Early code observed on can: No observation
Early code observed on handle: ЯR 803 1940 and ЯR 803/1940. ЯR type 4.

Of special note: The 1940 dated handle comes in two varieties of marking, with and without the slash. This might indicate that ЯR 803 manufactured both a Stielhandgranate 24 and a Nebelhandgranate 39 in 1940.

Heereswaffenamt code WaA A5.


fcc

fcc was the code assigned to Metallwarenfabrik Hermann Nier, Beierfeld bei Schwarzenberg, Erzgebirge

The Metallwarenfabrik Hermann Nier, Beierfeld bei Schwarzenberg was founded by Ernst and Hermann Nier. They started to manufacture lanterns by hand in Beierfeld in the Erzgebirge in 1880. A few years later the production was changed to mechanical manufacture of storm lanterns.  During WW1 they manufactured Stielhandgranaten 15 and steel helmets.


The LKW above is loaded with crates that would contain Stielhandgranaten 15. Note the company name on the side of the truck.
 
In 1937 the number of lanterns sold amounted to around 12 million units. The production of lanterns was ended in 1943 and replaced by ammunition parts, especially Stielhandgranate 24 and 43, but they also manufactured parts for the V-1 and V-2. Metallwarenfabrik Hermann Nier was the only maker that manufactured the third version (stamped threads) of the Stielhandgranate 24 in numbers. The company was never assigned an early code. By December 1944 the workforce was up to 1622 persons, including 65 forced laborers from the occupied territories in the east. They worked 73 hours each week. After the end of World War II, the company was expropriated and dismantled by the Soviet occupation force.


Code observed on can (second version): 43 fcc
Code observed on handle (second version): 43 fcc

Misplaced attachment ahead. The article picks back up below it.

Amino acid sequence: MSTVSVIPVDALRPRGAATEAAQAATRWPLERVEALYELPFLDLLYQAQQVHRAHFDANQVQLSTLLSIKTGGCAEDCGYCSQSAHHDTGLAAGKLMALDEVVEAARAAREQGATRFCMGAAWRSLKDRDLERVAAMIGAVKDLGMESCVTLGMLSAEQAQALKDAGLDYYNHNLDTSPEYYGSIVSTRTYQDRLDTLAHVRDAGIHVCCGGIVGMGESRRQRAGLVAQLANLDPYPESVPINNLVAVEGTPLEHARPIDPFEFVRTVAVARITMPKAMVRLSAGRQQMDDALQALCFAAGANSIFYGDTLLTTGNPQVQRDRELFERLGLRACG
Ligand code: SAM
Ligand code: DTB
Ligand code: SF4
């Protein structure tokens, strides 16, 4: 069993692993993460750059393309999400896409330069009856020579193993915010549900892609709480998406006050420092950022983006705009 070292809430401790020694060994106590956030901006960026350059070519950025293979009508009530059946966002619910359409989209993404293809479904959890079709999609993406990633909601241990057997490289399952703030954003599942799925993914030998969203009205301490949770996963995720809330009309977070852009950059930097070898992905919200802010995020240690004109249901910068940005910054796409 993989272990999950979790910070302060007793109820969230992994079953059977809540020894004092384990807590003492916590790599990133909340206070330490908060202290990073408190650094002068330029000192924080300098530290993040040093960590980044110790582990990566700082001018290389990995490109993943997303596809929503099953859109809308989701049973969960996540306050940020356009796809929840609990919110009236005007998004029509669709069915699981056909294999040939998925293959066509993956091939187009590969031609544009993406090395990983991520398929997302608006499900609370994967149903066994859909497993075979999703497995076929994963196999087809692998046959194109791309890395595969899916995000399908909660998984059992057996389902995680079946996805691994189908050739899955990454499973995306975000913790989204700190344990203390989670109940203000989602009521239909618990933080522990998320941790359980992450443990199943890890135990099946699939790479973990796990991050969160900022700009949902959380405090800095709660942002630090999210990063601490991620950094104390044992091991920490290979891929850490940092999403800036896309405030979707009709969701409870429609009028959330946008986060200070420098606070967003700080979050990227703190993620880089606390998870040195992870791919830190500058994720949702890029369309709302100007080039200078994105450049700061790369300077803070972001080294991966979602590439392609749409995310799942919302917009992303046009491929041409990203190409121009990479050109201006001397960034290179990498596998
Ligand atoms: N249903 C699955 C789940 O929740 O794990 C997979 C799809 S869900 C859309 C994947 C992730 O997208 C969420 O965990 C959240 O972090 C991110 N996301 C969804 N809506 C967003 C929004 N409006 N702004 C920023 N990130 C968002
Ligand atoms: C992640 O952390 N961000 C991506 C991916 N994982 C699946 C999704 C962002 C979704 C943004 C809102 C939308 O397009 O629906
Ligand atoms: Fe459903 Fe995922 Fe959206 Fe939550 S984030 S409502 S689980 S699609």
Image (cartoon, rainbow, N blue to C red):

Code observed on can (third version): 43 fcc and 44 fcc
Code observed on handle (third version): 42 fcc, 43 fcc and 4 fcc


Code observed on Stielhandgranate 43 can: 44 fcc
Code observed on Stielhandgranate 43 handle: No observation so far

Heereswaffenamt code WaA702.

Of special note: fcc was the only manufacturer of the Stielhandgranate 24 (third version) that used the Dunkelgelb (tan) color. They were also the only manufacturer that actually manufactured the third version in numbers. The handles for the Stielhandgranate 24 manufactured by fcc has a coding system that hasn't been deciphered yet. All of them have a symbol stamped into the wood, in addition to the normal year and code. The symbols observed include a star, an arrow, a square, a triangle and a circle.

flf

flf was the code assigned to Vossloh-Werke GmbH, Werdohl/Westfalen

The company was founded in 1888 by Eduard Vossloh, a wounded war veteran and blacksmith. His children continued his work when he died in 1899. By the start of WW1 the company had 250 employees. In the 1920's they expanded production to pipes, wires, light bulbs and decoration goods in several production plants. But their most important product was railway rail springs (the part that holds the rails to the sleepers). In 1930 the whole structure was centralized to the Vossloh-Werke GmbH. During WW2 their war production included Stielhandgranaten and boxes for explosives. Most of the buildings in the Werk Werdohl were destroyed by the end of the war, and production came to a standstill. But the factories were restarted in 1946 and the company is still in business today, manufacturing railway equipment.


Early code observed on can: RR 513 1938, RR 513 1939 and RR 513 1940. RR type 5.
Early code observed on handle: RR 513 1939. RR type 5.
 

Code observed on can: 42 flf and 43 flf

Code observed on handle:  42 flf and 43 flf



Code observed on Stielhandgranate 43 can: No observation so far
Code observed on Stielhandgranate 43 handle: 44 flf


Heereswaffenamt code WaA594.



ftd

ftd was the code assigned to Metallwarenfabrik Peter Schlesinger, Offenbach a.M.

The company was founded by Peter Schlesinger (1859-1934) in 1885, and made accessories and spare parts for the bicycle and automotive industry. Their bicycle lights were sold under the brand "Radsonne" (bicycle sun). During WW2 they manufactured cleaning kits for small arms (Reinigungsgerät 34), Smoke handgrenades (Nebelhandgranaten), Stielhandgranate 24 and Stielhandgranate 43.


Early code observed on can: No observation
Early code observed on handle: ЯR 796 1940. ЯR type 2. (Possibly smoke grenade handle).
 

Code observed on can: ftd 43
Code observed on handle:  ftd 43 and ftd 44


(Unsure about the originality of this one, something strange with the stamping)

Code observed on Stielhandgranate 43 can: no observation
Code observed on Stielhandgranate 43 handle: ftd 44

Heereswaffenamt code: Appears to be WaA 555

fzl
fzl was the code assigned to Hermann Wuppermann AG, Stanz- u. Emaillierwerk, Pinneberg, Hamburg